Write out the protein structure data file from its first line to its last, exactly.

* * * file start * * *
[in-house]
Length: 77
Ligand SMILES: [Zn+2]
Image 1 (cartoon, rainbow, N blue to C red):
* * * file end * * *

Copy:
[in-house]
Length: 77
Ligand SMILES: [Zn+2]
Image 1 (cartoon, rainbow, N blue to C red):